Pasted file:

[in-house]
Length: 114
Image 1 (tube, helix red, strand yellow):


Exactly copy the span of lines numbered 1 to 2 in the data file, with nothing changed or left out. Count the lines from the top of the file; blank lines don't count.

[in-house]
Length: 114